From WPPD 2009.
This April 24th is WPPD, and I know that I will be out and about doing some pinholery. Pinhole cameras are the most rudimentary cameras imaginable. To make one, it doesn't take much more than a light-tight box with a tiny pinhole at one end, and a piece of film or photographic paper at the other. Compared to some of my Ann Arbor Area Crappy Camera Club photographers, I am just an occasional pinholer. Some of those people are really accomplished users of pinhole cameras, and several of them have made some outstanding pinhole cameras that are far more than the stereotypical oatmeal box.
John Baird of Dexter, MI has a wonderful panoramic pinhole camera that uses 120 film and it's a work of art, as are his photographs. Ross Orr, of Ann Arbor, has a camera design that was featured in an issue of MAKE Magazine, and that camera also uses 120 film, and is one that I will build someday. Bill Bresler of Plymouth, MI has some awesome pinhole images that are best seen as large prints. Matt Callow, also in Ann Arbor, has been making simple pinhole cameras and making wonderful images from them. These are just a few local photographers that I know, and if you look on Flickr or APUG, you will undoubtedly find many more.
Why have pinhole techniques remained popular in this age of technology? One of the most endearing traits is that of simplicity. Please don't tell me that you have an iPad app that mimics the effect of a pinhole. You are totally missing the damn point. That's about like telling me that you have an internet girlfriend that you chat with online. Or, that you can play air guitar. These are not REAL things, they are facsimiles, and just because you have a paint program does not mean that you know anything about mixing a palette of acrylics and applying them to canvas. Get my point? Pinhole cameras are hands-on fun that can lead a person into creating some very poignant and impressive imagery. Because they don't require much in the way of technology, they can be really creative tools in the hands of the right person.
Another feature of pinhole photography is that because exposures can often take more than a few seconds, the quality of time is altered. You are no longer getting an image in a fraction of a second, but anywhere from 1 second to many minutes. The time is stretched, and anything moving within the frame can be blurred. A creative photographer can use that to great effect.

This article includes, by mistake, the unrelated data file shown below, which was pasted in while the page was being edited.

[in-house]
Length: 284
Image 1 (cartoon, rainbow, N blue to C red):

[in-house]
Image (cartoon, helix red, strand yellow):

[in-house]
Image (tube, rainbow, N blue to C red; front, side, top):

The third great thing about pinhole photography is that of the optical nature of the pinhole itself. Depending on the focal length and film size, you can generate extreme wide-angle aspects of a scene, or you can go for a more natural aspect ratio. Because of the simplistic nature of pinhole cameras, you can experiment with all kinds of containers to see what works for your vision. It could be a 35mm film can or an old Dodge van converted into a roving pinhole camera.
While yes, you can buy a pinhole camera - either in kit form or pre-assembled, you can easily make one yourself. There are also downloadable templates for creating a pinhole camera that looks like a 35mm, or a Hasselblad.
You can consult the Pinhole Resource for pinhole sizes, templates, and tips on making pinholes. The Luminous Landscape and Pinhole Resource sites have more information on making your own pinhole camera.
As far as kits, here are a few:
1. STD 35 paper-bodied 35mm kit
2. Perhaps the best value overall- a plastic-bodied 35mm kit for less than $10!
3. How about a STEREO pinhole camera kit?
4. Then, there is the paint-can pinhole camera...
Books -- perhaps the best book out there is "Adventures with Pinhole and Home-made Cameras, by John Evans, and published by Rotovision Books in 2003. It's still in print.
I'll probably be using my Holga Ultra-wide pinhole camera. It's one of the best values out there for a wide-angle camera that takes 120 film, and the results are good. But the beauty of pinhole cameras is that they can cost virtually nothing, and produce priceless images.
Have fun on WPPD!